ACRL

Association of College & Research Libraries

Letters

More on the faculty status debate

To the Editor:

Brava to Beth Shapiro (“The myths surrounding faculty status for librarians,” November 1993) for having the courage to speak out against faculty status for librarians, which is a snare and a delusion. If librarians want to be faculty, they should get Ph.D.s and teach and do original research and publish scholarly articles: that’s what faculty do. I’ve never been able to understand the craving for faculty status. In any club where the Ph.D. is the minimum requirement for full membership, most librarians will always be second-class members—if taken seriously at all. (I am assuming that Harvard is still not unique in requiring doctorates of most of its tenured faculty.)

Why not spend some of this energy helping to establish librarianship as a “profession”— with its own separate integrity and validity? At my university I don’t see doctors, lawyers, or clergy affecting to be faculty; they are secure within their own professions. Librarianship will never gain the respect it deserves (but still lacks) while so many otherwise intelligent people distort the value of our considerable contribution to the missions of our institutions with claims of being faculty.—Malcolm C. Hamilton, university personnel librarian, Harvard University

To the Editor:

Beth Shapiro attempts to identify “the myths surrounding faculty status for librarians.” Sharing our opinions can be an endless process, but I disagree wholeheartedly with her opinion that “the work we do is fundamentally different from that of the teaching faculty.” My own experience in both school and academic libraries is that the role and educational objectives of the teacher and the librarian are very close—if not the same. And while research may not be “essential” for some academic librarians, it is for many others. Isn’t this true in all disciplines? And, since when has ACRL or any other group of librarians focused “exclusively on developing a research agenda”?

The other myths destroyed by Shapiro are largely straw men, in my view, having little to do with the essential role librarians have in the educational process. When she says “academic libraries exist to support the educational and research mission of the university,” she is not describing my experience in five libraries. Rather, these libraries were more central to the mission of the universities than any single academic department. Thanks for listening.—Don Lanier, health sciences librarian, University of Illinois College of Medicine at Rockford

Bl or research?

To the Editor:

In response to Steve McKinzie’s article, “Bibliographic instruction or research: What’s in a name?” 0une 1993), some seek new truth or correction of old error in the laboratory, in social observation, or in introspection: this is (one kind of) research. If documents result, others may seek truth or error correction by analysis of them: this is (another kind of) research too. Since the second (kind of) research is necessarily based on documents it is best called “documentary research.” Since the first (kind of) research may not arise from contact with a document, but does necessarily seek the truth about the state of affairs of some (ontic or ontological) region or aspect of the world, it is best distinguished from documentary research by being called “worldly research.”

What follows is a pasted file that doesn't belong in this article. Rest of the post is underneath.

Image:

What is taught in library-based “bibliographic instruction” (BI) can only be documentary research. Still, BI teaches access to and utilization of both primary and secondary documents: the dichotomies primary/secondary (which applies only to documents, not to the research that underlies them) and worldly/docu- mentary do not map on to each other, so that BI does not, in teaching documentation, teach the actual process of the underlying research, especially in regard to worldly research.

BI should teach not merely “how to use the library," but rather how to do any kind of documentation, whether worldly (secondary) or documentary (primary and secondary). It should teach not only documentation in any narrow sense but that as an element of the whole bibliographical region. But it should not even attempt to teach worldly research (because it in principle cannot), unless librarians can teach philosophy itself as well as philosophical bibliography, chemistry as well as chemical bibli- ography, medieval French philology as well as medieval French philological bibliography. Why should a university bother to hire faculty in medieval French philology, or in chemistry, or in philosophy, if its librarians can teach and perform worldly research in these and all other subjects (as McKinzie seems to claim)?

What librarians teach is (best called) BI, or (a bit less well called) documentation, or (even less well called) library skills. But to teach research simpliciter, of both kinds and in all subjects—such a suggestion is on the face of it unaware both of what such researchers do and of the meaning of the words with which we describe them and their products.—J. M. Perreault, head of special collections, the University of Alabama in Huntsville

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